[DSP] Site survey: Simple encryption case

by Paweł Świątkowski
06 Mar 2017

Yesterday evening I decided to take a look at a bunch of technologies I took under consideration to write my Get Noticed! project. Before, I was looking into how easy it would be to use Qt in them. It made sense, in a way, but not entirely. Since my project has to deal with cryptography, now I took a look at how easy it is to implement simple public key encryption (and decryption via private file). Additional requirements: key files are generated beforehand and stored in files and private key is password-protected.


Last time I wrote a project in Python was probably at the university, some 6 years ago. As I’m a Ruby programmer, I never felt an urge to learn Python “by heart” – because it’s enough to know one web-plus-general-purpose scripting language. On the other hand, it never was really a problem for me to write in Python if needed. Yes, I’m not a fan of its object orientation (selfs everywhere!), but it’s a decent and easy language for me.

Using some StackOverflow and documentation of Pycryptodome library, I was able to have working code pretty fast:

from Cryptodome.PublicKey import RSA
from Cryptodome.Cipher import PKCS1_OAEP

f = open('private.pem', 'r')
private_key = RSA.importKey(f.read(), passphrase='12345')

f = open('public.pem', 'r')
public_key = RSA.importKey(f.read())

secret_message = "Daj się poznać!".encode('utf-8')

cipher = PKCS1_OAEP.new(public_key)
crypted_text = cipher.encrypt(secret_message)


cipher = PKCS1_OAEP.new(private_key)
decrypted_text = cipher.decrypt(crypted_text).decode('utf-8')


It’s very simple and does exactly what I want. Just as expected.


Rust was on my learning waitlist for some time already. I have heard about it for the first time really long time ago, but never really tried it. To be honest, its syntax scared me a bit. But it wasn’t that hard. Completing this snippet took longer than the one in Python, of course, but I’m quite satisfied with the results:

extern crate openssl;
use openssl::rsa::{Rsa, PKCS1_PADDING};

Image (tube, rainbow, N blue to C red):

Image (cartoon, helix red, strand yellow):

fn main() {
    let pkey = include_bytes!("../../private.pem");
    let private_key = Rsa::private_key_from_pem_passphrase(pkey, b"12345").unwrap();

    let key = include_bytes!("../../public.pem");
    let public_key = Rsa::public_key_from_pem(key).unwrap();

    let mut result = vec![0; public_key.size()];
    let secret_message = String::from("Daj się poznać!");

    public_key.public_encrypt(secret_message.as_bytes(), &mut result, PKCS1_PADDING).unwrap();

    print!("{:?}\n\n", result);

    let mut decrypted_text = vec![0; private_key.size()];
    private_key.private_decrypt(&result, &mut decrypted_text, PKCS1_PADDING).unwrap();

    print!("{}\n", std::str::from_utf8(&decrypted_text).unwrap());

Some stuff is not very clear for me, but this exercise let me have a grasp of what Rust is about. And I must say: I really like it!


I thought of D as my low-level language of choice for a long time. I really didn’t like where C++ was couple years ago (it’s better nowadays) and D was exactly what was missing there. However, it never gained its momentum and right now ecosystem is in a bit weird place. After all those years there aren’t many rock-solid solutions and projects get abandoned all the time. A nice exception here is vibe.d, but… a web framework in that kind of language? I don’t think so…

I have no code to show for D, because I basically failed in producing it. There aren’t really many cryptography libraries to choose from. One is botan, which is pretty good adaptation of C++ library. However, a part about RSA keys and encryption was really to me. Also, from what I understand from Readme, it compiles only under Visual Studio on Windows and it is totally unacceptable.

Another solution is openssl for D, but it’s a very thin wrapper over C code. I don’t really want that from modern object-oriented language. There is also a dcrypto, but it seems abandoned.


I’m really disappointed with D this time. Maybe I will come back to it some day, but probably not within timeframe of the contest. I don’t have a slot in my timeline to write cryptography library from scratch.

Rust feels really good, however. And I’m closer to decision to choose it as a main language for my project. And I have a feel that I can any time fall back to Python, which is good too.

You can find the code I produced here - I decided to check it in the repository, even though final product will not include it. A nice idea for such open source contest, if you ask me.

end of the article

This article was written by Paweł Świątkowski on 06 Mar 2017. You can follow me on Twitter if you want.

Tags: dsp d python rust

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